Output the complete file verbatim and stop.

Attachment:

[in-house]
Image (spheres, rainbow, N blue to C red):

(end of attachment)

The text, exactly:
[in-house]
Image (spheres, rainbow, N blue to C red):